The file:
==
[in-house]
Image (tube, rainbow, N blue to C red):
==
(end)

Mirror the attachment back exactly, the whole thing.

[in-house]
Image (tube, rainbow, N blue to C red):